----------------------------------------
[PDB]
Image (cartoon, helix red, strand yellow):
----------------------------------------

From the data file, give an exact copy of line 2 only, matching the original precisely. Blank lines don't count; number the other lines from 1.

Image (cartoon, helix red, strand yellow):